Bruce Chatwin

“I have been walking on the beach and I have gazed at the forms which the Creator has painted in the sky. I have seen the Chariot of Fire transformed into the arching neck of a swan. Beautiful! The hand of the Creator! One should either paint or photograph his work. But I am not a painter and I do not possess a camera.”

Bruce Chatwin, In Patagonia, Vintage
“In the afternoons she sat on the east porch, out of the wind, and watched the hollyhocks and peonies changing day by day. The living-room hadn’t changed since she came here as a young bride in 1913. The pink walls were the same. The two Sheffield-plate trays – they were wedding presents – were on the mantelpiece, and the two pottery pug-dogs. On either side of the dresser were tinted photographs of her husband’s parents, who came out from Ffestiniog. They had always hung there and they’d hang there when she’d gone.”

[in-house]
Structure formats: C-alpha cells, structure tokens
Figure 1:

Bruce Chatwin, In Patagonia, Vintage

“The wind had polished his nose and coloured it pale lilac. I found him at lunch ladling the bortsch into the ivory orb of his head. He had made his room cheerful, in the Baltic way, with flowered curtains, geraniums, diplomas for stunt flying and a signed photograph of Neil Armstrong. All his books were in Lithuanian, the aristocrat of Indo-European languages, and concerned his country’s plans for independence.”

Bruce Chatwin, In Patagonia, Vintage

“Father Palacios flooded me with information: statistics, radiocarbon dates, migrations of men and animals, marine regressions, upheavals of the Andes or the appearance of new artefacts. Possessed of a photographic memory he could describe in detail every Indian rock-painting of the South: ‘… in the Second Petrified Forest, there is a unique representation of a mylodon … At Río Pinturas you will find a rodeo of palaeo-llamas, the men are wearing phallic caps … a second fresco depicts the use of a decoy as described by Pigafetta … at Lago Posadas there is a mortal combat between a macrauchenia and a smilodon …’

I took careful notes. The father, his soutane flapping, stood by the charred remains of the chair.

‘Qué inteligencia!’ he said. ‘Oh Padre! Qué sabiduría!’”

Bruce Chatwin, In Patagonia, Vintage

“He took from his wallet a crumpled photograph of himself, on leave from military service, long ago, in a palm-filled garden in Valparaíso. The boy in the photo was unrecognizable in the man: the cocky smile, the wasp-waisted jacket and Oxford bags, and the sleek black hair shining in the sun.”

Bruce Chatwin, In Patagonia, Vintage